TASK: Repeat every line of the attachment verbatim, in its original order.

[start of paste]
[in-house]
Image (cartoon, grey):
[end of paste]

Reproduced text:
[in-house]
Image (cartoon, grey):